Antique Khamseh Confederacy Rug, Baharlu Sub-Tribe, Fars ...

Item Ref
BM2096

The Khamseh Confederacy and Qashqa'i tribes love of chickens can be seen in this beautiful and early rug from the Baharlu tribe, made circa 1870.
Very finely knotted with a low-cut pile, the indigo-blue field comprises three central lozenges and a field full of stylised chickens!
A stunning and highly collectable rug from this group of weavings.
Size: 1.90m x 1.20m (6' 3" x 4' 0")
£3,500

Antique Chondzoresk Rug, Karabagh Region, Southern Caucasus. ...

Item Ref
BM2082

Chondzoresk can be attributed to a village in the north-west area of Karabagh, once part of the north-west Safavid province of Azerbaijan. The area once had a large Armenian population and its capital, Shusha, is believed to have been the source of some of the great early Caucasian rugs, in particular, the 'dragon' rugs.
This magnificent rug from Chondzoresk depicts two large lozenges on a beautiful madder-red field, each with the 'S' symbols or 'dragons'. The small central square in each of the lozenges has the so-called swastika - ironically an ancient symbol of protection. The red ground has a number of stylised creatures including the double-headed sun-dog, symbolising the guardians of the gates of Paradise.
A most stunning and powerfully symbolic rug in very good condition.
Size: 2.29m x 1.35m (7' 6" x 4' 5").
£6,250

Antique Qashqa'i Tribal Rug, Rahimlu Sub-Tribe, Fars ...

Item Ref
BM2088

Just in, this beautiful, full lustrous pile Qashqa'i tribal rug was probably made by the Rahimlu sub-tribe or 'taifeh'. It has a rather obscure date in the upper-left of the top lozenge which might read 1320 in the Islamic calendar and which translates, quitye accurately, to 1902 in the Solar calendar.
The indigo-blue field contains a myriad of small stylised flowers, popular with the Rahimlu nomads and at the very base, stlised fish, symbols of happiness. In the centre are two stylised 'trees of life' and just below-left of the cetral lozenge can be seen a stylised human form - quite obviously a male from the close-up!!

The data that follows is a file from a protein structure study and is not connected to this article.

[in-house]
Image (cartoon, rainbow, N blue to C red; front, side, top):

This rug was recently discovered hanging on the wall of an old English country house and after deep-washing, the soft, lustrous wool and natural colours are now glowing.
Size: 2.80m x 1.53m (9' 2" x 5' 0").
£5,500

AntiquBag-Face, Timuri Tribes, Borderlands of North-East Persia ...

Item Ref
BM2073

A rare and early bag-face depicting four cockerels in the central panel and made by Timuri tribes circa 1860 in the borderlands of north-eastern Persia and north-western Afghanistan.
Once part of double saddle-bags, at some point in the past, these bag-faces were cut from the original saddle-bags where dealers found it easier and more lucrative, to separate them, sadly! At least this bag-face has been preserved!
I love the way the weaver has moved the ivory outlining to the left of the lower-left cockerel in order not to cut into its beak. Quite charming and spontaneous in a tribal way. Subtle natural colours were used throughout with an amazing teal being used in two of the birds and elsewhere in this remarkable weaving.
A very collectable and early example of Timuri work.
Size: 56cm x 74cm (1' 10" x 2' 5").
£1,500

Antique Bread Sofreh, Afshar Tribes, Kerman Province, ...

Item Ref
BM2087

Searching through uninteresting rug auction sites and being offered so many boring commercial rugs these days, what a joy it is, very occasionally, to find an exciting antique rug, bag or a magnificent bread sofreh like this one! This is what I love about 'the find'! It doesn't happen every day, week or month, but when it does, it makes me very happy.
I found this stunning flat-weave sofreh - originally used by the nomads for kneading dough on to make the delicious flat-bread - in a tiny little, mainly modern rug store in Istanbul recently. Not a shop I would have normally entered but a quick glance into the shop revealed this beautiful weaving displayed on the wall!
I had to have it and a deal was done! As much as I'd like to keep it, I can't keep everything so here it is.
The spontaneous drawing and mix of blues, reds and yellow in the zig-zags and the charming little stars around the outside, remind me of the night sky.
Made by Afshar nomads in Kerman province, south Persia circa 1910-1920, all the colours are natural and it is complete with beautifully brocaded ends.